Jeff Schwartz ( still works, “albeit less and less,” for Hahn & Hessen LLP (since 1976!), but he only works “on stuff I find interesting or if I enjoy the client’s company.” Since getting “fully jabbed,” Jeff says, “I had a weekend with our granddaughter Clementine (Cornell 2041).” I like his forward-thinking. Jeff awaits another grandchild plus the twice-postponed wedding of daughter Jessie next summer. “In times of national crisis, it is best to have honest, competent, national leadership.” Rick Taylor ( officially retired from teaching last August but now teaches physics and math to homeschooled high schoolers. He also enjoys birding, serving in his church, sharing food prep with his wife, and visiting grandchildren. “The forced quarantining has brought out the best in some and the worst in others.”

Douglas Van Auken assists a family member with growing and marketing of ornamentals. He reports that “much detail is required to present bouquets for the public to choose from.” He is also preparing a memoir of his past traveling career and activities. Although retired from his USDA career, newspaper production, and developmentally challenged adult care, he remains as a DJ with vinyl records for the day program for developmentally challenged adults in Columbia County, NY. Send news to: ❖ Pamela Meyers,; Phyllis Haight Grummon,; or David Ross, Online news form.


Welcome to the first edition of online Class Notes, which can now be viewed for free, so accessing them no longer requires a paid print subscription. The hub functionality will be rolled out over several months, with Class Notes as part of the first wave. Please continue to send in your personal news via the online news form, as our column will now be available to everyone in our class.

In the Class Notes in May/June, Lucy Babcox Morris included news from Merrill Weitzner Naughton and promised that her COVID-19 notes would be included in a later column, so here they are: “When COVID dramatically altered our lives, probably forever, I had been retired for a year and had planned trips with my husband for 2020, which we had to cancel, and we suffered financial losses for deposits that were nonrefundable. Our dreams of making this period one that is full of new experiences and travels to places we longed to go to over the years was not to be. The most positive change for us has been that we secured appointments for the first of two doses of the Moderna vaccine (in NYC at the Armory). We anxiously await our second shots. We are told that we still need masks and to socially distance and behave as if everyone is a carrier.”

Jaclyn Spear writes: “When I retired in 2017, I moved from South Carolina to New Hampshire to be closer to my family. When COVID hit I discovered just how important that decision was. In June 2020, my niece Lesley Oakes O’Keefe ’00, MBA ’04, her husband, Steve, MBA ’04, and their two sons invited the extended family to a regular Friday night takeout on their front patio. The group included my sister Dorothy Spear Oakes ’72 and her husband, Jim ’69, PhD ’74, and my cousin Chris Spear ’80 and his wife, Laura. We celebrated birthdays and anniversaries and ate a wide variety of food, including some from a local Greek festival. Hopefully this has created a new family tradition, giving us all something to look forward to when the snow melts and the weather gets warmer.”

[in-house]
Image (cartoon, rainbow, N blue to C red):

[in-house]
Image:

Lou and Roberta Bandel Walcer offer these observations from Ithaca: “Lou runs the McGovern Center for Venture Development in the Life Sciences at Cornell, and although his labs are open after being refitted to conform to social distancing guidelines, he still works from home. He only goes to campus to get a required biweekly COVID-19 test or to pick up mail. Roberta also works remotely as a medical legal analyst but now working only part time. As a volunteer job, she helps the Tompkins County History Center transcribe old Census records into a database. We do try to buy local whenever possible, but we need so little—the stores on the Commons are hurting and the mall is mostly empty. For a socially distant and safe vacation, last October we rented an oceanside cabin on the coast of Maine. An added plus was that classmate Chris Tichy Place and her husband, Jim, were in the cabin next door and we enjoyed exploring the area together. In nice weather, Roberta has enjoyed neighborhood walks with Mary Berens. During the summer, Lou and Roberta enjoyed campfires and night sky gazing with Bob Boynton and Mike, PhD ’81, and Lora Dickerhoff Delwiche, MS ’81.”

Marleen Kay Davis, BArch ’76, reports: “As a faculty member in architecture at the U. of Tennessee, I have been involved in hybrid teaching, both in person and virtual. In our design studios, we are part of a choreography of moving students at every other desk every other week. Everyone is making the best of it. While this generation of students inevitably misses social interaction, I believe that they are becoming more independent and resilient in a new way. Zoom gives us the opportunity to invite experts who could never have come in person, so that expands networks and learning in a new way. Cornell Architecture faculty members who overlapped with me as classmates include Val Warke ’76, Vince Mulcahy ’71, and the current chair, Andrea Simitch ’79.”

Lawrence Baizer writes: “I have been a scientific program officer at the National Institutes of Health for about 18 years and recently moved from the National Cancer Inst. (NCI) to the National Heart, Lung, and Blood Inst. (NHLBI). NHLBI is at the forefront of some of the research on COVID-19 and its long-term effects, which are still being discovered. After five years of retirement from the NIH, Elaine decided she wanted more of a challenge and is now engaged in graduate work in molecular genetic forensics.” Lawrence says what brings him the most satisfaction is “thinking that the work I do at the NIH may help to improve the lives of many people.”